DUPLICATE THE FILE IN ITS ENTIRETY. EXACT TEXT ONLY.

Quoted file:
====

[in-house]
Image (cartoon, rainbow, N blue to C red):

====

[in-house]
Image (cartoon, rainbow, N blue to C red):